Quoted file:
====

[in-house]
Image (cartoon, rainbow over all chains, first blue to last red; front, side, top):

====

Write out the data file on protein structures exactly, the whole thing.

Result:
[in-house]
Image (cartoon, rainbow over all chains, first blue to last red; front, side, top):